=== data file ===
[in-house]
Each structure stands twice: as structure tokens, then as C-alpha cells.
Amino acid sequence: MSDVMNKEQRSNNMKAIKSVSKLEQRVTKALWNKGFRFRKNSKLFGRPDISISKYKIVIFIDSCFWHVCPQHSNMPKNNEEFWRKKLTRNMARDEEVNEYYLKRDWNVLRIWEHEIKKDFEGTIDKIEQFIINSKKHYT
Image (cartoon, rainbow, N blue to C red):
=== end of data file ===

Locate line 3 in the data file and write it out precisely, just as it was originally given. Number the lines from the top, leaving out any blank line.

Amino acid sequence: MSDVMNKEQRSNNMKAIKSVSKLEQRVTKALWNKGFRFRKNSKLFGRPDISISKYKIVIFIDSCFWHVCPQHSNMPKNNEEFWRKKLTRNMARDEEVNEYYLKRDWNVLRIWEHEIKKDFEGTIDKIEQFIINSKKHYT